Millennials top obesity chart before reaching middle age

Cancer Research UK

What is the second biggest preventable cause of cancer after smoking?

Shoppers in Aylesbury react to finding out that obesity is the biggest preventable cause of cancer after smoking.

More than seven in 10 millennials – those born between the early 80s and mid 90s – are set to be overweight or obese between the ages of 35-44, according to estimates by Cancer Research UK.

This compares to around five in 10 baby boomers – those born between 1945-55 – who were overweight or obese at the same age. 

Being overweight is the UK’s biggest preventable cause of cancer after smoking, but most people don’t know about this substantial risk. If more people become aware of the link it may help spare not just millennials, but all generations from cancer".- Alison Cox, Cancer Research UK

This means millennials are the most overweight generation since current records began.

Being overweight or obese as an adult is linked to 13 different types of cancer including breast, bowel and kidney cancer, but only 15% of people in the UK are aware of the link.

Cancer Research UK has launched a UK-wide campaign to increase awareness that obesity is a cause of cancer.

Alison Cox, Cancer Research UK’s director of prevention, said: “Being overweight is the UK’s biggest preventable cause of cancer after smoking, but most people don’t know about this substantial risk. If more people become aware of the link it may help spare not just millennials, but all generations from cancer.

“The government must play a part to help people make healthy food choices. We’re campaigning for a ban on junk food adverts before the 9pm watershed to protect young people from advertising tactics which all too often promote fattening foods.”

Professor Linda Bauld, Cancer Research UK’s prevention expert, said: “Research shows that our evolving environment has a vital role to play in the obesity crisis. Clever marketing tactics by the food industry and greater access to unhealthy food are all likely to have contributed to the rise in obesity rates.

“Extra body fat doesn’t just sit there; it sends messages around the body that can cause damage to cells. This damage can build up over time and increase the risk of cancer in the same way that damage from smoking causes cancer.

“While these estimates sound bleak, we can stop them becoming a reality. Millennials are known for following seemingly healthy food trends, but nothing beats a balanced diet. Eating plenty of fruit, vegetables and other fibre filled foods like wholegrains, and cutting down on junk food is the best way to keep a healthy weight.”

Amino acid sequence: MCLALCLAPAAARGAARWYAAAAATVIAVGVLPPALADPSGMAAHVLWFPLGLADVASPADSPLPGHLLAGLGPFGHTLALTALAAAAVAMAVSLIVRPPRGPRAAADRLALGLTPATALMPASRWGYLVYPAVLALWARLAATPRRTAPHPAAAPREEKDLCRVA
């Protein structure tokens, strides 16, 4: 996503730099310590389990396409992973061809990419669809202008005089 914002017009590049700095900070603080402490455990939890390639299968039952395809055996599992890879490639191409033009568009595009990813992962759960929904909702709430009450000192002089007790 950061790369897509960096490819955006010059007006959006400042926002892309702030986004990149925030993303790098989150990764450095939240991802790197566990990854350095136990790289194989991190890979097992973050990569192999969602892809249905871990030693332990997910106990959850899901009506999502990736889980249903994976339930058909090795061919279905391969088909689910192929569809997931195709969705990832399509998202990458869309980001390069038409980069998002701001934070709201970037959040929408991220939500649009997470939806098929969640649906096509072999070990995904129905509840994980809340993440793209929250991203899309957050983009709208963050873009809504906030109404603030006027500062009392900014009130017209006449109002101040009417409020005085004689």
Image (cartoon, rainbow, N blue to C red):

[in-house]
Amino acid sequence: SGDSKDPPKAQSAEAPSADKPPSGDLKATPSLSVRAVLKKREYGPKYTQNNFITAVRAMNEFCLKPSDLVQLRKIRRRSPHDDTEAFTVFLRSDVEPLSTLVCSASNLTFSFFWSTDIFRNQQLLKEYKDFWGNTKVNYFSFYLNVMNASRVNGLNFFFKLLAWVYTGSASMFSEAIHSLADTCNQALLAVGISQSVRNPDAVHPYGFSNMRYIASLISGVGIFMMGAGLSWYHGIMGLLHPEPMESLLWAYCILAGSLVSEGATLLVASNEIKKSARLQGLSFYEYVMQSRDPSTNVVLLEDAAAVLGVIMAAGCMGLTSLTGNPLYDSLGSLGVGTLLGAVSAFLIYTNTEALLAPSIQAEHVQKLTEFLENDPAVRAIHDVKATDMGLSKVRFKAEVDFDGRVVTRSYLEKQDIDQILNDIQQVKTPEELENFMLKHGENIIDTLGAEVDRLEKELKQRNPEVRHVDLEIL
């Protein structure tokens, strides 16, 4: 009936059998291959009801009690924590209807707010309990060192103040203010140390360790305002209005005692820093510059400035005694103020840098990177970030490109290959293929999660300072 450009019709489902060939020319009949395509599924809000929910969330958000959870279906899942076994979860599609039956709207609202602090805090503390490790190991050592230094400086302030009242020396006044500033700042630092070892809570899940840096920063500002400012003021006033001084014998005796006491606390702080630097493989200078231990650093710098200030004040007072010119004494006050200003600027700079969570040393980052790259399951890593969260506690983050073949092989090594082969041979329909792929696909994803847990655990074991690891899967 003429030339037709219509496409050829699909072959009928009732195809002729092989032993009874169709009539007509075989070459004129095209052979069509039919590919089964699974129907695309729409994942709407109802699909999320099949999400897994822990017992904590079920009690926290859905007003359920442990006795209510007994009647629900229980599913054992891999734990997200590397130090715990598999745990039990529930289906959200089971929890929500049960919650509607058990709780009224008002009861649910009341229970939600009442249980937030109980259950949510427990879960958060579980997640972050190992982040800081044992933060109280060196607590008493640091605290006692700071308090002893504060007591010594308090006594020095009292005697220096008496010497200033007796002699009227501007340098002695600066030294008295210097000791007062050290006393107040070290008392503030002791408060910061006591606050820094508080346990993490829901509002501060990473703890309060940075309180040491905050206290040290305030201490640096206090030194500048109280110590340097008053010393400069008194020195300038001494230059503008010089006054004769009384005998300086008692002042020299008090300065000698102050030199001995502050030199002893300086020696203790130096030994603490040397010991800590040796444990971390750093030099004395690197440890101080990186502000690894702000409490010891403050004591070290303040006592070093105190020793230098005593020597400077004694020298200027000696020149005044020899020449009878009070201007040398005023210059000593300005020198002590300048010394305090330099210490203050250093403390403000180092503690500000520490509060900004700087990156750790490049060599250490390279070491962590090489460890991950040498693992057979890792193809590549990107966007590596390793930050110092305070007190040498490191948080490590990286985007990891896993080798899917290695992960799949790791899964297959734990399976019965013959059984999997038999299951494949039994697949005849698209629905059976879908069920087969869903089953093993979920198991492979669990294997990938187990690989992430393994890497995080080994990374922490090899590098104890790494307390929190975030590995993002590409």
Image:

Cancer Research UK’s campaign will launch across the UK on posters, radio, social and digital media.

To highlight the link, the charity handed out fake cigarette packets to shoppers in Aylesbury posing the question: What is the second biggest preventable cause of cancer? Shoppers got a big surprise on discovering the packs contained chips, and the answer was obesity.

Lottie Goodchild, 24, of Aylesbury said: “It’s shocking, but not surprising. It’s important people know about the link because so many in this country, including the younger generation, are practically obese without even knowing it.

“We need families to support each other to keep a healthy balanced lifestyle, and we need the government to provide the best possible environment for this to happen.” 

ENDS

For media enquiries please contact the Cancer Research UK press office on +44 203 469 8300 or, out-of-hours, the duty press officer on +44 7050 264 059.

Notes to Editor

The video of people's reactions is available to view here: https://youtu.be/6v2mDFTo6ao 

These figures were calculated by the Statistical Information Team at Cancer Research UK, February 2018. Based on Health Survey for England data. Midpoints of each generation’s birth periods were used to estimate the years in which each generation would be aged 35-44 (3-year averages used to smooth fluctuation): 1993-95 for baby boomers and 2026-28 for millennials. For baby boomers, observed overweight/obesity prevalence at age 35-44 is used. For millennials, the linear trend in overweight/obesity prevalence at age 35-44 between 1993 and 2015 was projected forward to estimate overweight/obesity prevalence in this age group in 2026-28. 

Collins’ dictionary definition of millennials was used to calculate these figures. They are defined as people born between the early 1980s and mid-1990s; and baby boomers as people born between 1945 and 1955.